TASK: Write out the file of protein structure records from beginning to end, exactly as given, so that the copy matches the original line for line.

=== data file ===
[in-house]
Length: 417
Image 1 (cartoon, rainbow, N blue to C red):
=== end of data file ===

[in-house]
Length: 417
Image 1 (cartoon, rainbow, N blue to C red):